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The growing role of the Internet

Placing the spotlight on technology and information calls us to refocus our attention on the capacities of individuals, organizations and networks, as only these can implement and institutionalise sustainable practices. (Faye Anderson 1999)

The Internet is one of the main infrastructures through which the "information age" can become a reality. However, in terms of development, whether this reinforces the status quo or improves social well-being and equity is still a contentious topic. In general, the Internet is still used primarily for information display and retrieval, although it appears to have considerable potential in multi-stakeholder situations to extend information sharing, learning and networking. The advantages of technology are not in creating new "virtual" communities, but in strengthening already existing social networks. Perhaps one of the biggest challenges facing agencies and other information managers is how best to involve different interest groups in taking a more active participatory role in the subsequent management of this information and through this to improve planning, policy analysis and decision making. While many networking sites have always aspired to this, the advent of the Web 2.0 technologies (CSS, wikis, blogs, RSS/Atom, CMS, etc) are facilitating this more interactive web future.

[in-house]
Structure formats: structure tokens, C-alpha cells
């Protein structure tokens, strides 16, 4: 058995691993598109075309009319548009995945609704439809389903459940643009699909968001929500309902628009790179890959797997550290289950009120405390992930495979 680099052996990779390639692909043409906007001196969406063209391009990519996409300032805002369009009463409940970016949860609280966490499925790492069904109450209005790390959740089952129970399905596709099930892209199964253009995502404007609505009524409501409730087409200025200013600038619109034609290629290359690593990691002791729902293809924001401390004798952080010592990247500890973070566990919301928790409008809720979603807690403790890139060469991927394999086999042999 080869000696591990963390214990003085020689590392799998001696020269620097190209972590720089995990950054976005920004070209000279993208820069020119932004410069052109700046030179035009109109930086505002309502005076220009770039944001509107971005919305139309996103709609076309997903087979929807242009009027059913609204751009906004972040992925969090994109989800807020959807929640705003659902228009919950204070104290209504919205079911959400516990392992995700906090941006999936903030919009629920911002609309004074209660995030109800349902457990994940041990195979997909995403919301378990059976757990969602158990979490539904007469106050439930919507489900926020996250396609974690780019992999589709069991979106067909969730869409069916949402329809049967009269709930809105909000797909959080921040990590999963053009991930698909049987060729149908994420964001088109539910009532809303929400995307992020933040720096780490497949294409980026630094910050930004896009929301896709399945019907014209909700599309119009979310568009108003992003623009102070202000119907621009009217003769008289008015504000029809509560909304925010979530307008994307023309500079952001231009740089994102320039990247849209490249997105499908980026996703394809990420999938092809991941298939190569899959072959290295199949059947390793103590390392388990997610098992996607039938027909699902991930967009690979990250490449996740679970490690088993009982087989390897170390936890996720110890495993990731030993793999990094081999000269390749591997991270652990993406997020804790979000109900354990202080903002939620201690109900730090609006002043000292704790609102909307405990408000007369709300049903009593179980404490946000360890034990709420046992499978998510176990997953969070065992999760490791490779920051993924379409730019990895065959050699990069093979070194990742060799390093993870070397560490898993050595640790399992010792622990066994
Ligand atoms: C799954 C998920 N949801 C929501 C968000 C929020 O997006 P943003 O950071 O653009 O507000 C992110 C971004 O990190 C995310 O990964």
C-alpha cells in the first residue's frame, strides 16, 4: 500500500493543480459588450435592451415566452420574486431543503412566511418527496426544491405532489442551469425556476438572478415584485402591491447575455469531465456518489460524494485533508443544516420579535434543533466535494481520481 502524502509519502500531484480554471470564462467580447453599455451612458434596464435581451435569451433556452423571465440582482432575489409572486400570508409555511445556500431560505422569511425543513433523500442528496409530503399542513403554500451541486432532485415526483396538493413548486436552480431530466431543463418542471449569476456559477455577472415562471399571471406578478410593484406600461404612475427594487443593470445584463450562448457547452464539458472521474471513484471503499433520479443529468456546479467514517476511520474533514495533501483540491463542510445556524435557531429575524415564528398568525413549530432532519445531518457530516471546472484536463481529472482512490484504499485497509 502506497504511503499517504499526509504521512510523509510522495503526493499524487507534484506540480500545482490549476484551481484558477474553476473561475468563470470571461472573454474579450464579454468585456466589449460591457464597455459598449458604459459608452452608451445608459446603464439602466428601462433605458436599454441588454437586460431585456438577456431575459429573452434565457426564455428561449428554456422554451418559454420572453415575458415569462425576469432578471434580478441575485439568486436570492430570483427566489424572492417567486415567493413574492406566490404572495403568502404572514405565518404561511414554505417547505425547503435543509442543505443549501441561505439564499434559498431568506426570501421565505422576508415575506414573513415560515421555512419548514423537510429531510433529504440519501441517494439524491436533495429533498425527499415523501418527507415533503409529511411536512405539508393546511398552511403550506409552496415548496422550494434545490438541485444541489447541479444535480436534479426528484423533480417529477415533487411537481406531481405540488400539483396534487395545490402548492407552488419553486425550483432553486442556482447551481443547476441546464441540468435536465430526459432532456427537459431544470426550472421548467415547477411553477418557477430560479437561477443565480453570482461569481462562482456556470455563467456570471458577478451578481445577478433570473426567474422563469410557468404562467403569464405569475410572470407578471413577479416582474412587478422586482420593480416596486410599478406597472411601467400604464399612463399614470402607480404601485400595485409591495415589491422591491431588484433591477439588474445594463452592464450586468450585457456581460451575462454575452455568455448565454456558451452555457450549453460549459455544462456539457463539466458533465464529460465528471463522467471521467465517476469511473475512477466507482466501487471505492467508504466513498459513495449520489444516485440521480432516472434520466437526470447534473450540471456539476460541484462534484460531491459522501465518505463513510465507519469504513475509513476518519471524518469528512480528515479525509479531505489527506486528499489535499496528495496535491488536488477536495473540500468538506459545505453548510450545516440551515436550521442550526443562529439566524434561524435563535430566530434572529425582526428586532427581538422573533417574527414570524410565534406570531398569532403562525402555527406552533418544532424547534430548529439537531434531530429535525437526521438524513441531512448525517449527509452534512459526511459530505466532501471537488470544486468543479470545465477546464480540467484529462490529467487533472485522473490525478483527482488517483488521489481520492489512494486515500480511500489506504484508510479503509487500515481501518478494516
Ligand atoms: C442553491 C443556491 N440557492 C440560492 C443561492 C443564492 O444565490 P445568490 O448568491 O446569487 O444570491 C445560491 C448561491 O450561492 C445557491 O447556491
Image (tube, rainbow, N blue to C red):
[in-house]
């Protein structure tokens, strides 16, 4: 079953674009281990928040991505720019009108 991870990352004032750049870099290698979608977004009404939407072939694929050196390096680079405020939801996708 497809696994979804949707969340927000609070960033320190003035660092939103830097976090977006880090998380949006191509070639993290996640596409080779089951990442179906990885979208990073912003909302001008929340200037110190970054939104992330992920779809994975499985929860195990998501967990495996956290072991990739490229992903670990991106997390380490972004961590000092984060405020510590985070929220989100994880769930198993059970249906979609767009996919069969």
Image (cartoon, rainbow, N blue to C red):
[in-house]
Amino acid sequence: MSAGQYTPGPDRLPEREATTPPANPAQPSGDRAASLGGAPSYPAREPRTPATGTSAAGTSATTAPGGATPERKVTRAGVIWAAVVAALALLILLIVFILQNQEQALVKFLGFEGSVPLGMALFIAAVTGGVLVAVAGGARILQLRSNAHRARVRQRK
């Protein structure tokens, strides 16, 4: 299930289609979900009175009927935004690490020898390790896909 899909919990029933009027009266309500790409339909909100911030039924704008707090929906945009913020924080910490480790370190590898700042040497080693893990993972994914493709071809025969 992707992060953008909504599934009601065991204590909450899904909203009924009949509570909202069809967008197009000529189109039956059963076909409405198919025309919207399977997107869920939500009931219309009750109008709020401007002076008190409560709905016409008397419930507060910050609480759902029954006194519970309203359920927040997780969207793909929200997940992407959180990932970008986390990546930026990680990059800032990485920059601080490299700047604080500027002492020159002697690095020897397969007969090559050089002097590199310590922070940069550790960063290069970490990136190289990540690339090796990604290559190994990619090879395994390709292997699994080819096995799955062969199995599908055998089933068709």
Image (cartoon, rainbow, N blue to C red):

Also, we should not regard users as only those with direct access to computing and Internet facilities. There is often potential for facilitators, agency staff and group leaders to serve as the interface between an Internet information system and wider stakeholder groups. In itself, the Internet has the potential to form a powerful and immediate link between these key actors. Strengthening this link is seen as a key factor which will contribute towards more effective sharing of information among the diverse range of groups involved in natural resource management.

Related information on information management, computer technology and collaborative learning can also be found through this site. For a guide to developing your own web prescence see ../web site development/.

This section also provides links to topics including current Internet uses, the emerging debate of its impact on developing countries, and how its hypermedia capabilities can be used to facilitate a distance-learning environment. The first set of links outline the emerging Web 2.0 interactive Internet environment.

The next set of links are a little older, but still current. They provide practical guidance from a range of groups who are pioneering new roles for the Internet within the fields of community-building and international development.

The World Wide Web holds out a great deal of promise in the area of distance learning, both within formal education and expanding "communities of practice". Because it is interactive such uses will not just be on knowledge clarification and understanding, but also on knowledge discovery, collation and presentation.

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Will Allen
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